adequate supplies.   Traversing the property presents additional risks because there
are many trees, whose branches are vulnerable in heavy winds.

If the bottom of my building floods, is it safe to stay on the upper floors?

Management advises that it is safe.  The buildings’ basements have flooded in the
past, and they feel confident that there are no structural concerns that arise from
basement flooding.

Will the gas and water work in my building if there is a power outage?

Water pumps will not work in the event of an outage, and water tanks in ST/PCV buildings
frequently drain from use within 2-4 hours of an outage.

It is advised that you take steps to ensure that you have adequate drinking water
in advance of a power outage.  Aside from purchasing bottled water, some people
fill water jugs or other containers to ensure that they will have enough water around.
And you should not wait until the last minute to do this.  One gallon per person
per day is recommended.  Management does not expect any issues with the gas in the
event of an electrical power outage (though stove-top ignition lighters may not
themselves work).

If the building floods, is it safe to drink my tap water?

Yes.   The City will advise residents publicly if there is ever any concern about
the safety of drinking water.

Will we lose power if the building floods?

Not necessarily.  According to management, insofar as flooding does lead to a loss
of power, it is usually caused by flooding in and under the streets, where Con Ed
runs its power lines.

What else should I do in the event of a power outage?

Con Ed advises that you turn off all lights and appliances to prevent overloaded
circuits when power is restored.

Because of the electronic keycard system, will we be able to get in and out of our

There is a 72-hour battery backup for the keycard system.

Are tenants on upper floors supposed to take shelter on floor 10 or lower?

That recommendation is meant more for large high-rises; residents should be safe
in ST/PCV buildings.  To the extent that there is any concern, it would be about
the potential for water to infiltrate on the lowest floor of the building, not the

What’s going on with our cars?

Garages 3, 4 and 5 are most at risk of flooding, because they are closest to Zone
A.  Management is asking the users of those garages to move their cars out of those
garages.  Garages 1 and 2 had some flooding in past storms, so users of those garages
also may want to move their cars to higher ground.

In summary:

For your home:

Keep enough supplies in your home to last for at least three days, including

water, non-perishable food, flashlights, batteries and a first aid kit.  If power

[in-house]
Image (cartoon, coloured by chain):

goes out, we will lose access to running water, so you want to fill your bathtub
with water (for bathing, or to flush toilet), and maintain extra bottles of water
or pans with tap water in your kitchen.

Secure your home:  close and lock all windows and doors, draw all shades, close
all blinds and drapes.

Place folded towels on window sills to absorb any leaking water

During the height of the storm, stay away from windows and do not use elevators
unless absolutely necessary.

If power goes out:

–Turn off all lights and appliances.

–Avoid opening your freezer or refrigerator.  Most freezers will keep food frozen
for at least 24 hours

For your car:

Quik Park recommends that customers with cars parked in garages 3 and 4 move their
vehicles off-site to an area outside the flood zone by Monday at 8AM.  Call Quik
Park at 212-614-5895 for more information and options

Parking on the street carries risks from flying debris and extreme flooding.

Going outside:

If you don’t need to go outside, don’t.  The City shut all parks today at 5pm because
of fear of the risks presented from falling branches.  The same concerns are present
in our community, which has many mature trees.


The MTA has suspended all service, with subways ending service at 7pm and buses
at 9pm tonight.  Until then the MTA has increased service to assist with the evacuation.

All public schools are closed tomorrow, Monday, October 29th.

All Senior Centers are closed Monday and Tuesday, October 29th and 30th.

*For up to date information on the storm, call 311, visit, or tune into
TV and radio broadcasts.

*Call PCV/ST Public Safety if you need assistance or to report an emergency on the

*Call Resident Services at 212-420-5000 to report a maintenance emergency.

*Check back at []
for more updates.

Stay safe,

Dan Garodnick